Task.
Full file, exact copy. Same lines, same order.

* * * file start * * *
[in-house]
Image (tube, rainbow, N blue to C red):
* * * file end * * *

[in-house]
Image (tube, rainbow, N blue to C red):